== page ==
What Does It Mean to Be Homeless? How Definitions Affect Homelessness Policy

By Andrew Sullivan (University of Central Florida) | Organizations and policymakers have recently brought the definition of homelessness to the forefront, including multiple reports by the Government Accountability Office, and the Homeless Children and Youth Act of 2021 which was introduced but not passed. Much of this debate stems from the U.S. Department of Housing and Urban Development (HUD) not including households living doubled-up – i.e., sharing housing due to economic hardship, loss of housing, or a similar reason – as homeless, contrary to many other definitions of homelessness. As such, reviewing how federal agencies measure homelessness provides insight into how they define the problem of housing insecurity and what impacts measurement has on determining where services are most needed. How scholars and policymakers define homelessness alters its measurement and perceived prevalence, driving where agencies target assistance and shaping policy solutions. Read More

February 1, 2023 // 0 Comments

Where in Los Angeles Do Homeless People Sleep? The Neighborhood Distribution of Unsheltered Homelessness and Its Changes Over Time

By Eun Jin Shin (Sungkyunkwan University) | Homelessness has been one of the most critical issues facing major US cities in recent decades. According to the US Department of Housing and Urban Development’s latest Annual Homeless Assessment Report (2020), about 0.57 million people in the United States experienced homelessness on a single night in January 2019. Although some cities, like Chicago, have witnessed a general downward trend in homelessness in recent years, numbers have risen dramatically in Los Angeles—an area known for long-standing high homelessness rates. Read More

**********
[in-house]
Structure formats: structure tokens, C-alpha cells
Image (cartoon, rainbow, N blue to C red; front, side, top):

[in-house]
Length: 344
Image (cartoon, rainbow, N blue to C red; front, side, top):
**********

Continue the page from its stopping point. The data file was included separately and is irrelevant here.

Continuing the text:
May 12, 2022 // 2 Comments

Who Banishes? City Power and Anti-homeless Policy in San Francisco

By David J. Amaral (University of California, Santa Cruz) | Homelessness is a pressing concern facing cities throughout the United States but is especially pronounced in urban California. The state is home to roughly a quarter of all people experiencing homelessness in the country, more than two thirds of whom are unsheltered (about double the national rate). In his 2020 State of the State address, California Governor Gavin Newsom devoted the bulk of his attention to the issue of homelessness, claiming that “the California Dream is dimmed by the wrenching reality of families, children and seniors living unfed on a concrete bed.” This year, following the social and economic disruptions of the COVID-19 pandemic, the governor’s 2021 budget dedicated $4.8 billion to addressing the state’s homeless crisis, representing a dramatic increase in homeless-related spending at the state level. Read More

October 19, 2021 // 1 Comment

No Right to Rest: Police Enforcement Patterns and Quality of Life Consequences of the Criminalization of Homelessness

Tony Robinson | In response to a persistently high number of people experiencing homelessness, concerns have grown among many local officials that the urban environment is being undermined by the presence of unsheltered homeless people, living in public places. An associated concern is that when homeless people are allowed to conduct acts of living in public spaces (such as sleeping or panhandling), they fall into unhealthy behavioral patterns that lengthen their spell of homelessness and undermine their long-term prospects. As a response, an increasing number of cities are criminalizing activities common to homeless people, passing laws that prohibit such things as sleeping, sitting, eating, panhandling, or sheltering in public spaces. Read More

August 22, 2019 // 1 Comment